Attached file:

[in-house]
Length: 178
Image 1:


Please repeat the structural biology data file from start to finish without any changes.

[in-house]
Length: 178
Image 1: